Maria Popova of Brain Pickings just posted a terrific piece on an essay written by philosopher Judith Butler entitled “Doubting Love” which was published in Take My Advice: Letters to the Next Generation from People Who Know a Thing or Two. Butler’s essay cracks open a fascinating analysis of the role of doubt as a major culprit in the short-circuiting of potentially life-altering brushes with love and our individual searches for our one true soulmate.
Popova opens her review of Judith Butler‘s essay with a perfectly appropriate quotation from Albert Einstein who once said: “the most beautiful experience we can have is the mysterious.” The implication being that it’s not only the embracing of the mysterious around us in our everyday lives that is essential in the path towards discovering love, but also the embrace of the mystery which all too often lies dormant within ourselves. Butler’s advice is that as we age we become so increasingly grounded in our concepts of who we are (i.e. who we think we are) that we refuse to venture into the unknown for fear of being destabilized. Butler writes, “One knows love somehow only when all one’s ideas are destroyed, and this becoming unhinged from what one knows is the paradigmatic sign of love.”
Butler continues with a reflection on Freud’s powerful observation that “A man who doubts his own love may, or rather, must doubt eery lesser thing.” In essence, if you meet someone who gives you the butterlies and you find yourself getting bogged down by doubt and hesitation, not only will you miss out on perhaps the greatest thing that could ever happen to you, but there’s a damn good chance you’re the kind of person who doubts everything else under the Sun.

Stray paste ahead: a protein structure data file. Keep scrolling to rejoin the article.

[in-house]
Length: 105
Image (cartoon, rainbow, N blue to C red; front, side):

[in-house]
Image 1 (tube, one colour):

It’s not uncommon for teenagers to embrace every part of the mysterious, throwing caution to the wind and running madly into the arms of love. Unfortunately, it’s this same reckless abandon that can send that love flying off into deep space. When NASA sends an orbiting spacecraft or satellite into the atmosphere there’s a razor thin slice of “sweet spot” space that will hold the precious cargo exactly in perfect orbit. Too much force and it will fly off never to be seen again. Too little force and it will fall crashing towards Earth in a disastrous ball of fire. What Butler suggests is that our all-too-powerful grounded sense of who we “think” we are is certainly essential to our survival, but this doubting gravitational force can be the very thing that sabotages our precious attempts at finding love.
In an interview with This Emotional Life, Elizabeth Gilbert once spoke of Schopenhauer’s thesis that we are all very much like a bunch of porcupines out in the cold. We need each other to stay warm, but if we get too close we end up stabbing one another with our quills. Retreat, heal, repeat. One could easily make the same analogy for the dance of intimacy that is going on inside of each one of us as well. One part of us doubts too much, while the other can send us flying off into the vacuum. True love is a perfect harmony of these dimensions — both inside ourselves and outside as well — that results in that sweet spot we’re all working so hard to find. And there’s no doubting we all want to get there. You can read the entire review of Butler’s essay by visiting BrainPickings.org.